We walked along the river for hours. As we arrived at a bend, Saxton contemplated our journey, but I walked on, longing to feel the tug of a trout. Chasing this exhilarating feeling, I lose all track of time, place, and occasionally safety. When the bend opened up into a straight, a moose and two calves danced in the shallow waters. The mother, who is known to be one of the most aggressive animals, used her antlers to spray water on her calves, who seemed to wince when the droplets were whipped onto their light brown coat. She was considerably larger, but all three of the mammals seemed to be the biggest animals I had ever seen. My brother and I glanced at each other with a mix of confusion and fear, as we didn’t know what to do. Although watching this interaction was beautiful, the seventy-foot cushion between us and these animals was not enough to make me feel comfortable. We slowly walked backwards, keeping our eyes on the mooses, around the bend and into safety. We figured that if we couldn’t see them, they couldn’t see us. Even though I never caught a fish that day, it was one of the most exciting and humbling experiences as a flyfisher.


Nature teaches me to lose. The rivers like to take… and take… and take, but everything comes back around.

Deep in the Idaho desert, Saxton drove me and two nine-foot rods into the desert. The mountains were expansive, and I examined each one, hoping to spot wildlife. The hills were rounded but the valleys felt sharp, as if the rivers had dug so far into its core it hurt. We turned down a steep side road; dust kicked up behind our back two wheels. The river we wanted to fish was hidden behind fifty yards of tall, dense bushes; it seemed different than our grandpa had explained to us. After battling the bushes, we came across an overwhelmingly promising spot. Differing from the habitat outside of the bushes, the bank of the river felt like a new biome. Small trees provided shade for the river, and tall green grass grew all around. The water was faster than anything I had ever fished, it bashed up onto the walls of the river, creating inlets.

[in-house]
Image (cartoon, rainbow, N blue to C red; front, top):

We traveled three hours from the small town, named Ketchum, that we were staying in, as we wanted to catch bigger fish than the ones that reside in the rivers where we came from. I settled on a rock near the edge of the river, and began casting. The noise of my fly swooshing past my face with each stroke forward and back calmed me. I watched the nymph gain distance and power, until I let the line go and the fly settle near a slowdown in the river. Right as it began to float down and into a stronger current, it submerged and I immediately yanked up on my rod. My rod bent to a ninety-degree angle as the trout fought back. I tirelessly stripped my line in, certain that this would be the biggest freshwater fish of my life. I was astonished when I saw it. Its rainbow-colored scales glistened in the sunlight, amplified by the rushing water and contrasting the rocks beneath it. Each turn and push that it used to fight my line was precise, each spin elegant. However, I only got to see this fish for so long. Once it was within ten yards of me, it wiggled its way off of my hook and bolted back into the darkest parts of the river. Heartbreak ensued.


I give thanks to the waters I have fished, the animals that I have gotten to witness and catch inside of them. The isolation that finds me when I am on the river’s edge is only natural, considering my family is full of flyfishers.

Although rivers slice the world, they connect us all to it, and to each other.




Work Cited

MacCarrick, Darcy. “F&G Biologists Look into the Effect of Utah Chub on Yellowstone Cutthroat in Henrys Lake,” 22 July 2022,